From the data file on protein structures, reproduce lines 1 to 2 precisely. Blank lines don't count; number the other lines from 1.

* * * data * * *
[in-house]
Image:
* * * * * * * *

[in-house]
Image: